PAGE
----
Guide to University: Coming Home

Home has always been my ultimate happy place. Spending time with family always lifts my mood, whether it’s slamming my head against the table because my Dad has made another terrible (but admittedly funny) joke or playing hide and seek with the dog. It’s where my Mum cooks the best food and I seem to have far fewer worries and concerns, probably because I don’t have to worry about mundane ‘adult’ things like what I’m going to eat or whether I need to go to the shops or if I can stretch out my toothpaste for another day.

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For now when I think of home, I think of the ocean and the pebbled beaches that the dog rolls on. I think of seagulls waking me up during the night and the Chinese supermarket that makes the best pad thai. Before me moved, home was the place of more cows than people and a large wood where I would always walk the dog, filled with memories of picnics with friends and climbing fallen trees after primary school. I find it strange that I don’t miss that place as much as I thought it would, and then I remember that it isn’t the physical place, but the people. It’s not the specific walls or floorboards that I miss, but the place where someone is always making cups of tea and where there is always a stash of biscuits. It’s not the rooms where I spent my childhood or the stains of memories on the carpet, but the hugs and warmth and laughter.

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And these reasons are why I find leaving home so difficult, even though I’ve done it countless times now. Having to leave my family at the train station, watching as the scenery changes from fields and houses to built up London blocks and cranes constantly building new things. I get back to my flat and flop onto the sofa, suddenly having to think again about buying some food and sorting out my things for the coming days. London is my home as well though, and it’s hard to always remember that when I’m coming back to it. But there is a familiarity with London, from the odd little shortcuts through the city to the riverside with an endless stream of tourists and selfie sticks. I start to see my friends and discover new haunts, or be reminded of old ones. University is in London, and as much stress as it causes me at times, it’s also where I get to learn about everything from Milton to weird mythology involving gods having liaisons with swans.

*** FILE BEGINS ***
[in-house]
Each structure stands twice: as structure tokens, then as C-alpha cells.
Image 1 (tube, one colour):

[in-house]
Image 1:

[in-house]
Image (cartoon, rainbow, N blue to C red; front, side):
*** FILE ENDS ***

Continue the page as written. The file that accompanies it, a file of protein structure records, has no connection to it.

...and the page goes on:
So, although I’m leaving one home, I’m coming back to another. And as much as I love them both, sometimes you need the act of leaving to remember why you love coming back.